After winning a penalty on the deck straight from kick-off at the start of the second half, Warriors couldn’t control the line-out maul possession, and the pattern – with Warriors huffing and puffing but not really troubling Toulon, who were happy to give away penalties whenever it looked like they might be stretched, safe in the knowledge that they had the measure of their opponents’ line-out maul.

After Benoit Paillaugue stroked home a 51st minute penalty to make it 24-0, the French national anthem – La Marseillaise – began reverberate around the half empty Aviva Stadium, and Warriors miserable evening almost descended to farce when replacement hooker Johnny Matthews attempted a long early line-out throw five yards from his own line which was picked off by Ollivion, who dived over the line unchallenged. Fortunately, referee Wayne Barnes, after consultation with his TMO ruled that the French flanker had been in an offside position when the ball was thrown in.

Then, finally, Warriors gave their demoralised travelling supporters something to raise their spirits, when they worked a neat move coming back down the short-side of a line-out, with Ali Price feeding skipper Kyle Steyn, who stepped inside last man Jiuta Naqoli Wainigolo and darted home, with George Horne converting.

But any thought of an unlikely comeback were quickly put to bed a few minutes later when Toulon attacked off first-phase scrum ball, and Wainigolo powered through three Warriors tackles on his way to the line.

Nayacalevu was the next try-scorer for Toulon, but Warriors dug deep and made sure the final score-line was not too lopsided, with late consolation tries from Cancelliere and Steyn, before Ihaia West scooted over to finish off the scoring for the worthy winners.

 

Teams –

Glasgow Warriors: O Smith (S Cancelliere 66-76); S Cancelliere (A Price 53), H Jones, S Tuipulotu, K Steyn©; D Miotti (S McDowall 45), G Horne; J Bhatti (N McBeth 45), F Brown (J Matthews 45), Z Fagerson (S Berghan 45), J Du Preez (R Gray 66), S Cummings (L Bean 66), M Fagerson, S Vialanu (R Darge 45), J Dempsey.

Toulon: C Kolbe; J Wainiqolo, W Nayacalevu, D Paia’uau (J Sinzelle 31), G Villiere (M Bastareaud 40); D Biggar (I West 4), B Serin (B Paillaugue 40); D Priso (J Gros 51), T Baubigny (C Tolofua 45), B Gigashvili (K Brookes 51-72), M Tanguy (F Isa 56), B Alain’uese, C Du Preez, C Ollivion© S Parisse (M Tanguy 69).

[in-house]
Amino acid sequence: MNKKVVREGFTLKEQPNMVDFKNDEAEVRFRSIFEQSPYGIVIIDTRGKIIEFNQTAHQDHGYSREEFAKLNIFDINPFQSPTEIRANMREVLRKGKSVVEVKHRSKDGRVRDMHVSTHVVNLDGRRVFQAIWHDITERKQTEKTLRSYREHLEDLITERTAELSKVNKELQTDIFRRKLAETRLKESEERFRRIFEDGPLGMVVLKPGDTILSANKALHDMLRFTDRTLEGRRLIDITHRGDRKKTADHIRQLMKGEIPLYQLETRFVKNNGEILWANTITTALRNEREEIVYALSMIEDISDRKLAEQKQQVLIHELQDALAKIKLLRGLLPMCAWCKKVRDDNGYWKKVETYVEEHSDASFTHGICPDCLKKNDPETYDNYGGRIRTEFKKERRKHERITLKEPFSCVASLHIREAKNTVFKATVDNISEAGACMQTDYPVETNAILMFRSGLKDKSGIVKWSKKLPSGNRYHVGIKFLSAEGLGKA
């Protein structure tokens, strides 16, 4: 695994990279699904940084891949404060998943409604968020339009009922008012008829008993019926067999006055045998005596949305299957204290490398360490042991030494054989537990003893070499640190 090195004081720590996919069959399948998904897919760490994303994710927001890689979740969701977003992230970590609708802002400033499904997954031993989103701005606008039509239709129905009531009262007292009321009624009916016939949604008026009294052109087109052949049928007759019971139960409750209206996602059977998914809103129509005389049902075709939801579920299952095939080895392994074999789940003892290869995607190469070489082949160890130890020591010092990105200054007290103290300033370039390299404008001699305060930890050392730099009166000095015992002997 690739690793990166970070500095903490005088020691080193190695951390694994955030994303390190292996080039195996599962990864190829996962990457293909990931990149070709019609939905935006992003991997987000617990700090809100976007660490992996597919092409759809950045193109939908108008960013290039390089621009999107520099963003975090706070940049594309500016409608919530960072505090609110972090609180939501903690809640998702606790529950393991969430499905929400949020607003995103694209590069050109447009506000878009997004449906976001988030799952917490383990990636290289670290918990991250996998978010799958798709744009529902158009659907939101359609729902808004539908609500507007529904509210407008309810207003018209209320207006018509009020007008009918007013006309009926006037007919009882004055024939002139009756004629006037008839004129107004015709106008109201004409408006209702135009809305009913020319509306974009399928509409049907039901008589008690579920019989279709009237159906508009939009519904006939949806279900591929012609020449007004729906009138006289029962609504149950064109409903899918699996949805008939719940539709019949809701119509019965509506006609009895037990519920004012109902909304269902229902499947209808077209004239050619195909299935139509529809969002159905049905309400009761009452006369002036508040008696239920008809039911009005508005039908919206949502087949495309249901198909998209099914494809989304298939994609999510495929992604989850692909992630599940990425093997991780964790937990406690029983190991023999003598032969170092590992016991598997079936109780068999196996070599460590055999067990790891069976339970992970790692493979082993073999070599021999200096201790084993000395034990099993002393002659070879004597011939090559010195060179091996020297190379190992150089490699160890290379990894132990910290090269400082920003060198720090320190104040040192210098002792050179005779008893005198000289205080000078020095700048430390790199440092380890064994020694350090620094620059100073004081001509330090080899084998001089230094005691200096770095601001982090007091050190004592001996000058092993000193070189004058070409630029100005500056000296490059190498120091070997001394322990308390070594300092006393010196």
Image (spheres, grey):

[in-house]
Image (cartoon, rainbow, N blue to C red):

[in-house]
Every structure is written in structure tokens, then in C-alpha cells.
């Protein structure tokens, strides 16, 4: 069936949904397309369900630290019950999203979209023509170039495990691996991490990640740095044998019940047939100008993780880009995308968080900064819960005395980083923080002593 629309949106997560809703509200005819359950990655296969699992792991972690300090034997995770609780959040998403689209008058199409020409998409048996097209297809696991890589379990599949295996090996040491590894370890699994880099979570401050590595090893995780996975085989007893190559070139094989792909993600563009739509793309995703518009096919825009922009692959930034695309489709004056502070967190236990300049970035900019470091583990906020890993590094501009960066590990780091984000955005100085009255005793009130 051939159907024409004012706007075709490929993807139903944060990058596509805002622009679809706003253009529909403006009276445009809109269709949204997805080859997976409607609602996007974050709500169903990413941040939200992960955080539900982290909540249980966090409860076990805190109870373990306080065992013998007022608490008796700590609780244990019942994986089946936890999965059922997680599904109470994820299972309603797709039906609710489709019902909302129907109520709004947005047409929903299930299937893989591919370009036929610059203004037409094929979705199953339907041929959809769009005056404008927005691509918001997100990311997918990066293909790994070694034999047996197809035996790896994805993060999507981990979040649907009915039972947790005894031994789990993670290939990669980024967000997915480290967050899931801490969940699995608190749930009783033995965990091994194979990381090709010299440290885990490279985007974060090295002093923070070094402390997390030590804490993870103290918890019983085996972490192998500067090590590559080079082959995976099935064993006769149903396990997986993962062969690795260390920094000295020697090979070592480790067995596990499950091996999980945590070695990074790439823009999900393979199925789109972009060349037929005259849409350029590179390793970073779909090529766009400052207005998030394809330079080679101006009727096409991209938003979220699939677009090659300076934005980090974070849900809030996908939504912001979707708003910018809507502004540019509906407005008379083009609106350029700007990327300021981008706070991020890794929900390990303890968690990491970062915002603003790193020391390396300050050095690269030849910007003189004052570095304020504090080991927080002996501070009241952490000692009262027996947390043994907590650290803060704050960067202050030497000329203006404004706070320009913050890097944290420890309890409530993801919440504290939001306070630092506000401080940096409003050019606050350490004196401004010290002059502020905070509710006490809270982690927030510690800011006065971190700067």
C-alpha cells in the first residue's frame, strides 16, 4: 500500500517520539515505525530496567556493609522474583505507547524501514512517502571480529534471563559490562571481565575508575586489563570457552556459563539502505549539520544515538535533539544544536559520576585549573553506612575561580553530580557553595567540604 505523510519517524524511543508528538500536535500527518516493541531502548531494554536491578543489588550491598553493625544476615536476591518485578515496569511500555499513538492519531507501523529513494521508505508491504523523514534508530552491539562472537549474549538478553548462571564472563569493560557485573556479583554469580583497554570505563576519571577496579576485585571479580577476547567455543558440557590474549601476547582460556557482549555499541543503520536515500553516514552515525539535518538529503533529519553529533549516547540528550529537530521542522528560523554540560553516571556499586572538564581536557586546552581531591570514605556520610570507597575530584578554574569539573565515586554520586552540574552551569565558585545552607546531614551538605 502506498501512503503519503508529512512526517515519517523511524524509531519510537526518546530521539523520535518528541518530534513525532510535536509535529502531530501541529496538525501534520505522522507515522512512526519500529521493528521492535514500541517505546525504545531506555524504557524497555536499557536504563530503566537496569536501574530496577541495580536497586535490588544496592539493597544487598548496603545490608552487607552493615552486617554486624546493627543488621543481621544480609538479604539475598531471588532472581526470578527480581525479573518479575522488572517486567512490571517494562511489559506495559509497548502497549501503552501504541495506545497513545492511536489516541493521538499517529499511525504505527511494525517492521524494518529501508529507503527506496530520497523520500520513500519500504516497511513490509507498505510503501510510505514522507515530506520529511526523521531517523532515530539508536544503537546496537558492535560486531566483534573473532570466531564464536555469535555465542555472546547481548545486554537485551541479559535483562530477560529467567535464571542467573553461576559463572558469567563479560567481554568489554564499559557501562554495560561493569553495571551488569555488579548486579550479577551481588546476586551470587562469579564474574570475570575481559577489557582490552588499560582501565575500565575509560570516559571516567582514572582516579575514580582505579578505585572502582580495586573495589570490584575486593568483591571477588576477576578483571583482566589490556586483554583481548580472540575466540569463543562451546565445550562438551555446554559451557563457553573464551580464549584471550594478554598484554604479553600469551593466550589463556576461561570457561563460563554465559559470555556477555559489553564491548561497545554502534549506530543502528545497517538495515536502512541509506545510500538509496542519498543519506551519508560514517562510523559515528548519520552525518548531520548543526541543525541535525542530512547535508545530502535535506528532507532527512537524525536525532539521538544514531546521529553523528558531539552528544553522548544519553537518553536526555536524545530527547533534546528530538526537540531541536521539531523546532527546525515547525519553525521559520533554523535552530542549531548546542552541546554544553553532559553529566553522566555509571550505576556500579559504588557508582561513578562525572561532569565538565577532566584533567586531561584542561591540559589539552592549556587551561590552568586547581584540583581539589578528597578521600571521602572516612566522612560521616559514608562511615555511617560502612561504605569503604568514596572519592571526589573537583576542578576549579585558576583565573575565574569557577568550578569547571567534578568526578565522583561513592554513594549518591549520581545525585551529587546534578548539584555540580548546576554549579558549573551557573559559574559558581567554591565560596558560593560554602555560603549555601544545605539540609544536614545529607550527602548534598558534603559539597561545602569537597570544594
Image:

Referee: Wayne Barnes (England)

 

Scorers –

Glasgow Warriors: Tries: Steyn 2, Cancelliere; Con: Horne 2.

Toulon: Tries: Serin 2, Parisse, Wainiqolo, Nayacalevu, West; Con: Serin 3, Paillaugue 2; Pen: Paillaugue.

Scoring sequence (Glasgow first): 0-5; 0-7; 0-12; 0-14; 0-19; 0-21 (h-t) 0-24; 5-24; 7-24; 7-29; 7-34; 7-36; 12-36; 17-36; 19-36; 19-41; 19-43.

 

Attendance: 31,514


Douglas McCrea reflects on Glasgow Warriors’ journey from wet nights at Hughenden to European finals

About David Barnes 4011 Articles
David has worked as a freelance rugby journalist since 2004 covering every level of the game in Scotland for publications including The Herald/Sunday Herald, The Sunday Times, The Telegraph, The Scotsman/Scotland on Sunday/Evening News, The Daily Record, The Daily Mail/Mail on Sunday and The Sun.

13 Comments

  1. Glasgow have obviously been great this season and Franco deserves a lot of credit for that. However, it disturbs me when I read that he’s doubling down on his obviously-backfired decision to bench some of our best players for reasons that remain unclear. You can’t fall back on what the “data” told you – it was a call that he as the manager based on whatever info he had – regardless, it was the wrong call, and he should front up to that. don’t like the attitude of not taking any blame. Ultimately, Glasgow saved their worst performance of the season for the most important game, and that is an issue – we’re all fine with losing to a team with toulon’s class as long as they come and put in a performance with some determination and guts, but while effort I’m sure was there, freezing like that in a half-empty stadium is not a good look.

  2. Glasgow have obviously been great this season and Franco deserves a lot of credit for that. However, it disturbs me when I read that he’s doubling down on his obviously-backfired decision to bench some of our best players for reasons that remain unclear. You can’t fall back on what the “data” told you – it was a call that he as the manager based on whatever info he had – regardless, it was the wrong call, and he should front up to that. don’t like the attitude of not taking any blame. Ultimately, Glasgow saved their worst performance of the season for the most important game, and that is an issue – we’re all fine with losing to a team with toulon’s class as long as they come and put in a performance with some determination and guts, but while effort I’m sure was there, freezing like that in a half-empty stadium is not a good look.